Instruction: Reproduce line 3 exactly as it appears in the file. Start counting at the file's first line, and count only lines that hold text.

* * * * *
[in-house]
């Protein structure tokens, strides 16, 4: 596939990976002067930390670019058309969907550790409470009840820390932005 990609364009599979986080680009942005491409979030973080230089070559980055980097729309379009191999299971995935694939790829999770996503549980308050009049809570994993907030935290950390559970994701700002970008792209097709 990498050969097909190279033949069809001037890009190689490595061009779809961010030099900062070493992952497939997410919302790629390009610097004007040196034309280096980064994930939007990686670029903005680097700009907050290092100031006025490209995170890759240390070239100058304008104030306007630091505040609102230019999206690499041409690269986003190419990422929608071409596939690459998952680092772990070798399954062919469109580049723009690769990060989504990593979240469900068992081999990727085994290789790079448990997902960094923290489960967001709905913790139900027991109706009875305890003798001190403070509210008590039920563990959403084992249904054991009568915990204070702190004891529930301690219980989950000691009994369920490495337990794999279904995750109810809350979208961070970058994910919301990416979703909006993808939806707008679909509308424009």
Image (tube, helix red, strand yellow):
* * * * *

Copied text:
Image (tube, helix red, strand yellow):